The Grapes of Wrath
'I've done my damndest to rip a reader's nerves to rags, I don't want him satisfied.'
Shocking and controversial when it was first published, The Grapes of Wrath is Steinbeck's Pultizer Prize-winning epic of the Joad family, forced to travel west from Dust Bowl era Oklahoma in search of the…
Why read it?
15 authors picked The Grapes of Wrath as one of their favorite books. Why do they recommend it?
Steinbeck can see through his character’s eyes. I get chills when he captures private moments.
Faces on pickers being pushed off land in the dustbowl during the Depression. I tasted abject poverty when supper was passed out on pie tins—one tablespoon of beans in each. Dimes were gas money to follow a dream of picking work a brochure of orange orchards in California promised, not for bread.
The hardships mesmerized me—burying Grandpa along the highway; daughter Rosasharn rocking her swaddled stillborn to ward off the suspicion of border inspectors. In an abandoned railroad car as a night’s shelter a man…
Again, it’s a missing piece from my childhood reading list.
Several of my books have covered the same era of the Great Depression, and Steinbeck helped me understand it through a ground-level lens and its human dimensions of devastation. He sets a scene like few can, with insights that sear and stay.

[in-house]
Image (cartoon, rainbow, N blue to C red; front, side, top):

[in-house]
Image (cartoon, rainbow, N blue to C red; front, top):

But don’t believe me, consider this passage: “In the eyes of the hungry there is a growing wrath. In the souls of the people the grapes of wrath are filling and growing heavy, growing heavy for the vintage.”
Anger, indeed, and fruit for contemplation.
“It happens that every man in a bank hates what the bank does, and yet the bank does it. The bank is something more than men, I tell you. It’s the monster. Men made it, but they can’t control it.”
Steinbeck’s epic novel follows a family of sharecroppers from Great Depression Oklahoma, thrown off their land by economic forces beyond their control.
He beautifully demonstrates the process of economic transformation through the journey of its protagonists as they suffer heart-rending setbacks but also defend themselves from the exploitation they face proving “repression works only to strengthen and knit the repressed.”
The historically inspired migration of Oklahoma farmers to find work in California during the Great Depression and Dustbowl forms the basis of honesty and goodness struggling against greed and cruelty.
I think Tolkien would have loved this book. I hope he read it. Since Reagan and Thatcher, we’ve had in the west this insane idea of libertarianism—complete deregulation of the private sector—as though it’s in any way a foil to communism. But what’s the difference between a politburo and a handful of monopolies controlling every industry?
Steinbeck gives amazing truth in fiction to the timeless consequences greed has not for…
This is probably not a book you consider when you think of retirement, but the reason I've included it in this list is that it is a story of pursuit, hardship, sacrifice, and endurance.